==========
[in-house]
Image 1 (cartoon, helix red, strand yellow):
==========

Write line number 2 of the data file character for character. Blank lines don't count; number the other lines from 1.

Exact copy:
Image 1 (cartoon, helix red, strand yellow):